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We have a site where a user has to fill out series of forms including personal details for purpose of employment screening.

At the end of the process (or the user journey), we'd like to provide the user a suvery to gather feedback. Something simple, 3 questions.

Approaches we are looking at

  • On the final screen, provide a form approach.
  • On the final screen, provide a link to third party site like surveyMonkey.
  • We have the users email address, so on completion we could send an email with a link to a survey

What is the best approach that balances high engagement without annoying the end user? Is there a better way that I've not thought of?

2

Transform conventional surveys to conversations which will lead to higher engagement. Try to collect feedback naturally, gain insights and make better decisions. So go for the Form Approach. But in a more interactive way.

Example: 

You go for a chat and provide a complete questionnaire where you plant the questions one by one

Case1:

You : Hey John this Marie. Thanks for the subscription. Got a moment to share your thoughts... John: Gladly You: What are the top reasons that made you choose us(And you provide interactive buttons with prompt words and onclick() event you set the flag for the reply)

Case2:

You: Good morning John. Got a few minutes? John: Yes You: Am taking feedback from everyone on our company culture... of the top of your head. how good is our company culture on a scale of 1 to 10 (And you provide buttons switch-case numbers for the reply)

Would suggect you not send him any links to go for a survey cause trust me people HATE IT. Try to make it interactive. Make a lot of combinations of questions ready with you with Rich Interface, buttons, checklists etc

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    Do you have any sources for concluding that conversational surveys lead to higher engagement or that people hate being sent 'links to go for a survey'? – Andrew Martin Nov 14 '17 at 10:48
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    @AndrewMartin I do not have a so called "sources" for concluding that conversational surveys lead to higher engagement or that people hate being sent 'links to go for a survey'? However it comes from a lot of personal experiences I had with clients during product management. Any thoughts? – Supra Nov 14 '17 at 11:48
1

Surveys are white noise, most people hate them and won't complete them - even if they're short.

Unless they aren't white noise.

Stick out somehow. Since you're being intrusive/potentially annoying already, you may as well at least be real. Take a risk and get their attention: "If you complete our survey, we will be your best friend - forever."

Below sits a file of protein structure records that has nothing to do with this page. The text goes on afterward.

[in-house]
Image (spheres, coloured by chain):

People need a break. A bit of levity in a an earnest survey that doesn't take itself too seriously isn't a bad way to give people a break.

-1

There are several methods in the Usability and User Experience (UX) research areas that have been used for capturing issues and experiences, for instance, surveys in a long-term use have been regarded as an effective way to get information about your users.

Methodology

As a short answer, and talking about methodology, it depends on the users' profile. You can analyze and evaluate general customers, young users, elderly users, physicians and so on. Also, you need to have in mind if you want a qualitative measurement, a quantitative measurement or both. If you have no idea what options do you have, you can start here. Assuming that this is a general customer experience user survey, I would recommend both methods:

1) A method for quantitative measurement;

2) A method for qualitative measurement;

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For (1) quantitative measurements you will need to have a perception about what are the user interface errors, where are your users clicking and where are your users taking more time on the user interface. On the other hand, measuring (2) qualitative characteristics of the user interface will put on what you ask here, you will need to ask simple questions to obtain engagement that you want.

The Answer

You should use a tool called hotjar or a similar to it. With this tool, you can support the (1) quantitative measurement by using the heatmaps ("eyetracking") functionality and you can solve the (2) qualitative measurement by creating small and simple surveys.

I also recommend the use of Polls. Since it allows you to ask your site visitors an unlimited number of questions. You also can configure them to appear randomly.

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